onQ123

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Probably for the same reason that AMD don't have any gaming GPU's over 40CU
 
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Probably a mix of budget (less CUs means cheaper to produce and theoretically better yields), ease if backwards compatibility in the hardware (PS4 Pro had double PS4 and in BC mode shut off half the GPU, and matching CU counts for PS5 likely allows easier support for the virtualization team) and Mark Cerny’s personal preference of lower CU count clocked higher.


Nobody really knows, and if we ever find out, it won’t be for another 10 or so years
 

01011001

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They had no choice. Sony is locked into some choices and haven't developed proper hardware abstraction for the OS and development tools. Its going to affect the CU count going forward.

This is the reason they need a "ps4 mode" where you don't get a benefit of increased speed with the new hardware. Xbox doesn't have this problem based on the way the software is structured. This is why xbox is able to provide visual upgrades for older games that were not developed for newer hardware.

that's not true, PS4 games will be able to use the full speed of the hardware. base PS4 games with no Pro patch will most likely only be able to use half of the CUs tho, but at full clock speeds. Sony said that they work towards most PS4 games being able to run in boost mode (high clocks)

the difference here is that Xbox One games will run using the full hardware of the Series X, not only the increased clock speeds.
 
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jakinov

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Mark Cerny explains their reasoning in the PS5 video.

1. PS4 CU is not the same as a PS5 CU, they are bigger, more efficient and FLOPS isn’t a good calculation with different architectures

2. other parts of the GPU run faster when you have a higher clock speed

3. when a developer has many CUs he argues that it’s harder to keep all your CUs busy with work with modern games.
 
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psorcerer

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tests done with RDNA PC graphics cards, one running at lower clocks but higher CUs and one running lower CU count but higher clocks, show the performance difference is basically not measurable in almost any game, and is actually pointing towards more CUs having a positive effect on some.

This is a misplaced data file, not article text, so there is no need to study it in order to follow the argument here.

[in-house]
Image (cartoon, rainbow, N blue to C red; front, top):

so there is no evidence in this actually having any positive impact on modern game engines on RDNA PC parts

You have no access to any CUs on PC.
What exactly was measured?
 

01011001

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3. when a developer has many CUs he argues that it’s harder to keep all your CUs busy with work with modern games.

that is theoretically true, but once again, PC tests show that for modern engines that is simply not the case... they easily use all available cores of a GPU, which is why you see an RTX2080ti outperform an RTX2080 at same clock speeds. if games wouldn't use the power of the additional hardware the games would run the same, which they don't

You have no access to any CUs on PC.
What exactly was measured?

you run the same game on 2 GPUs, one running less active CUs at higher clocks and one running more CUs at lower clocks. both have the same peak TF performance. if high clocks would benefit the game engine the games would run better on the lower CU higher clock GPU, but they don't.
 
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SlimySnake

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they were trying to target a cheaper price point. likely $399. they have no lockhart to fall back on. so they had to compromise where as microsoft didnt and aimed to make a $500 console from the beginning.
 

psorcerer

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you run the same game on 2 GPUs, one running less active CUs at higher clocks and one running more CUs at lower clocks. both have the same peak TF performance. if high clocks would benefit the game engine the games would run better on the lower CU higher clock GPU, but they don't.

Again. It just measures how good DX/Vulkan abstract the hardware. Hint: pretty good.
 

Investor9872

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Thats not true.
The PS5 is more likely to be maxed out early on with the set up it has.

That's one way to put it. But I trust Mark Cerny's vision, and I'm sure he knows what's he doing. My guess for keeping with 36 CUs so that it would work more efficiently with all the other custom parts. Remember that the PS5 CUs are of larger design than the XB Series X's CUs.
 

01011001

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Again. It just measures how good DX/Vulkan abstract the hardware. Hint: pretty good.

this is important, because if any developer could actually use the supposed benefits of higher clocks and lower CUs it would be first party games since third party studios usually use GNMX, which is a high level API that isn't capable of going down to the metal to tailor the engine directly to the hardware. while first party devs usually use GNM, which is their low level API.